Apple had a product and services pageant in California on Monday (March 25), and while you have no doubt heard about the star attraction, at least from a payments point of view — Apple Card credit card — there were other newsworthy parts of the event, including an appearance by Steven Spielberg (lately making headlines regarding his views of Netflix movies and their Oscar potential).
The Apple event, heavy on subscription commerce offerings, took place at time when the company is trying to find more revenue from services given recent stumbles with iPhone sales — a move that seems to be pleasing at least some investors lately. Part of that satisfaction derived from anticipation about Apple’s Monday event, including its launch of Apple TV Plus for original programming.
“Unfortunately, Apple didn’t announce a lot of details other than the name and that it will be available in the fall with online and offline viewing,” according to one on-scene round-up of the Apple event. “It spent the rest of the time introducing a gaggle of directors, actors, and actresses to help unveil Apple TV Plus, including Oprah Winfrey, Reese Witherspoon, Steven Spielberg, Jason Momoa, Steve Carell, Alfre Woodard, Sesame Street’s Big Bird, and Kumail Nanjiani.”
Apple also announced an Apple TV update which will now, according to that report, “include a focus on channels like HBO, PBS, CBS, Acorn TV, and Tastemade without punting users to a third-party app. Subscribers can choose which channels they’d like to subscribe to and pay per channel instead of a traditional, large package from cable companies. However, pricing was not shared during the keynote.”
The content streaming announcement was long expected, and in recent weeks, as the launch approached, sources said that Netflix and Hulu were not expected to participate in it. One sticking point could be that Apple wants to keep 30 percent on every customer that subscribes to an over-the-top video service — a significant increase from the 15 percent it currently takes from customers that sign up to streaming apps through the App Store.
During the Monday event, Apple also said it would offer a more muscular online news subscription service — one that not only includes newspapers but some 300 magazines and costs $9.99 per month. The service reportedly also will offer recommendations for other news stories based on the magazines being read by subscribers. One selling point of this service? Privacy. Apple reportedly said that the service will not allow advertisers to track what subscribers are reading, which means no targeted ads based on consumed news stories, as is the case with social media.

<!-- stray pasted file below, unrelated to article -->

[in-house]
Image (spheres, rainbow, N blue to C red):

As PYMNTS has regularly documented, subscription eCommerce is among the hottest areas of digital retail. (Even Burger King is doing it, via small coffee purchases and its mobile app.)
Top-level success in subscription commerce requires operators to be fast with transactions, and very informative to consumers about the benefits and process of the retail program, among other traits. That’s according to the PYMNTS Subscription Commerce Conversion Index — the best performers in that space meet those consumer demands. Subscription commerce winners also provide secure, flexible and clear transactions, underscoring the role of payments to Apple’s plans for its subscription programs.
Another subscription area for Apple, according to the Monday event in California, is online games, via Apple Arcade. According to another report from the event, “as an extension of the App Store, Apple’s splitting off premium paid games from the free into an Apple Arcade subscription service. Note that this isn’t game streaming — it’s an all-you-can-eat subscription service launching with over 100 games. Coming this fall, but no pricing as yet.”
The Apple gaming move on Monday comes days after Google announced the launch of its Stadia gaming service, an offering based on cloud technology, and which negates the need for specific and often pricey gaming hardware.
Payments and purchases promise to play big roles in the Google and Apple gaming efforts. According to the Global Games Market Report from Newzoo, “2.3 billion gamers across the globe [spent] $137.9 billion on games in 2018,” a growth in spending of some 13 percent compared to 2017. “Digital game revenues will take 91 percent of the global market with $125.3 billion.”
It wasn’t just the Apple Card credit card that made headlines Monday for Apple — the company also made bigger bets on subscription commerce and streamed content, highlighting some of the larger trends in digital payments and commerce.